Goethe Quotes

Quotes tagged as "goethe" Showing 1-30 of 107
Johann Wolfgang von Goethe
“The world is so empty if one thinks only of mountains, rivers & cities; but to know someone who thinks & feels with us, & who, though distant, is close to us in spirit, this makes the earth for us an inhabited garden.”
Goethe

Johann Wolfgang von Goethe
“I am proud of my heart alone, it is the sole source of everything, all our strength, happiness and misery. All the knowledge I possess everyone else can acquire, but my heart is all my own”
Goethe Wolfgang, The Sorrows of Young Werther

Johann Wolfgang von Goethe
“All theory is gray, my friend. But forever green is the tree of life.”
Johann Wolfgang von Goethe, Faust, First Part

Johann Wolfgang von Goethe
“He is happiest, be he king or peasant, who finds peace in his home.”
Johann Wolfgang von Goethe

Johann Wolfgang von Goethe
“I treat my heart like a sick child and gratify its every fancy.”
Goethe Wolfgang, The Sorrows of Young Werther

William Allingham
“Not like Homer would I write,
Not like Dante if I might,
Not like Shakespeare at his best,
Not like Goethe or the rest,
Like myself, however small,
Like myself, or not at all.”
William Allingham, Blackberries

Johann Wolfgang von Goethe
“The limits of my language are the limits of my universe.”
Goethe

Johann Wolfgang von Goethe
“If I wasn't a devil myself I'd give
Me up to the Devil this very minute.”
Johann Wolfgang von Goethe, Faust

E.A. Bucchianeri
“Faustus, who embraced evil and shunned righteousness, became the foremost symbol of the misuse of free will, that sublime gift from God with its inherent opportunity to choose virtue and reject iniquity. “What shall a man gain if he has the whole world and lose his soul,” (Matt. 16: v. 26) - but for a notorious name, the ethereal shadow of a career, and a brief life of fleeting pleasure with no true peace? This was the blackest and most captivating tragedy of all, few could have remained indifferent to the growing intrigue of this individual who apparently shook hands with the devil and freely chose to descend to the molten, sulphuric chasm of Hell for all eternity for so little in exchange. It is a drama that continues to fascinate today as powerfully as when Faustus first disseminated his infamous card in the Heidelberg locale to the scandal of his generation. In fine, a life of good or evil, the hope of Heaven or the despair of Hell, Faustus stands as a reminder that the choice between these two absolutes also falls to us.”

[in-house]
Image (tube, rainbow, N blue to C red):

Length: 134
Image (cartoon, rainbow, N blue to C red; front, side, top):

E.A. Bucchianeri, Faust: My Soul Be Damned for the World Volume 1

E.A. Bucchianeri
“... the vintage of history is forever repeating ~ same old vines, same old wines!”
E.A. Bucchianeri, Faust: My Soul be Damned for the World, Vol. 2

Johann Wolfgang von Goethe
“How to please the public - that's the test,
But nowadays I find I'm in a fix;
I know they're not accustomed to the best,
But they've all read so much they know the tricks.
How can we give then something fresh and new
That's serious, but entertaining too?”
Johann Wolfgang von Goethe

Johann Wolfgang von Goethe
“If I love you, is that any of your business?”
Johann Wolfgang von Goethe

Robert G. Ingersoll
“Is it possible that the Pentateuch could not have been written by uninspired men? that the assistance of God was necessary to produce these books? Is it possible that Galilei ascertained the mechanical principles of 'Virtual Velocity,' the laws of falling bodies and of all motion; that Copernicus ascertained the true position of the earth and accounted for all celestial phenomena; that Kepler discovered his three laws—discoveries of such importance that the 8th of May, 1618, may be called the birth-day of modern science; that Newton gave to the world the Method of Fluxions, the Theory of Universal Gravitation, and the Decomposition of Light; that Euclid, Cavalieri, Descartes, and Leibniz, almost completed the science of mathematics; that all the discoveries in optics, hydrostatics, pneumatics and chemistry, the experiments, discoveries, and inventions of Galvani, Volta, Franklin and Morse, of Trevithick, Watt and Fulton and of all the pioneers of progress—that all this was accomplished by uninspired men, while the writer of the Pentateuch was directed and inspired by an infinite God? Is it possible that the codes of China, India, Egypt, Greece and Rome were made by man, and that the laws recorded in the Pentateuch were alone given by God? Is it possible that Æschylus and Shakespeare, Burns, and Beranger, Goethe and Schiller, and all the poets of the world, and all their wondrous tragedies and songs are but the work of men, while no intelligence except the infinite God could be the author of the Pentateuch? Is it possible that of all the books that crowd the libraries of the world, the books of science, fiction, history and song, that all save only one, have been produced by man? Is it possible that of all these, the bible only is the work of God?”
Robert G. Ingersoll, Some Mistakes of Moses

Johann Wolfgang von Goethe
“„Was glänzt ist für den Augenblick geboren; Das Echte bleibt der Nachwelt unverloren.”
Johann Wolfgang von Goethe, Faust, First Part

Heraclitus
“The lord whose is the oracle at Delphoi neither utters nor hides his meaning, but shows it by a sign.

The Sibyl, with raving lips uttering things mirthless, unbedizened, and unperfumed, reaches over a thousand years with her voice, thanks to the god in her.”
Heraclitus

Albert Camus